Hurricane Irma is now in the history books in Florida but its wrath will be a constant reminder in the days, weeks and months ahead.
Irma made history by making landfall in the Florida Keys as a category four hurricane -- the first time in recorded history that two category four hurricanes have hit the U.S. back-to-back. The first category four storm was of course Harvey.
While Irma was a bad hurricane, it was not the worst hurricane Florida has ever seen, not by a long shot. Much stronger and more devastating hurricanes have hit in decades past including Andrew and the 1935 Labor Day hurricane. Irma pales in comparison compared to the utter devastation left behind by those two storms in the United States.
Irma however may in fact be the strongest hurricane ever observed in the Leeward Islands where places like Barbuda and Sint Maarten were utterly decimated with winds that exceeded 180 mph.
Back in the U.S., while the winds weren't category 5 strength, they were still darn impressive for a storm that was weakening as it moved into downtown Naples.
Check out the observed wind gust speeds seen across Florida:
Naples: 142 mph
Everglades City: 130 mph
North Perry Airport near Hollywood: 109 mph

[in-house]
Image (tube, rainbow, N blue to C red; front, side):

Miami International Airport: 99 mph
Fort Myers: 84 mph
Tampa: 66 mph
Orlando: 71 mph
Jacksonville: 86 mph
While the winds were impressive, the storm surge was incredible, too! In fact places like Jacksonville, Florida, a city that has a very scant history with hurricanes had a record storm surge downtown along the St. Johns River that caused massive and widespread flooding all over the north and south banks of the river.
Damage across the state has been widespread but mostly restricted to cosmetics with trees, powerlines and shingles. A lot of homes, especially in southwest Florida also saw some flooding due to surge.
For those wanting to get back to the Sunshine State, all airports remain closed as of this entry and power is out to over half the state. It could be many weeks before all customers are restored.